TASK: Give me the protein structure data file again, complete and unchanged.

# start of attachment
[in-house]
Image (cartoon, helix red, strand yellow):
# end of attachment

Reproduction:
[in-house]
Image (cartoon, helix red, strand yellow):